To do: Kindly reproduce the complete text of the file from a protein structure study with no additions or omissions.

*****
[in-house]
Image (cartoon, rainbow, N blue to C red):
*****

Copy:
[in-house]
Image (cartoon, rainbow, N blue to C red):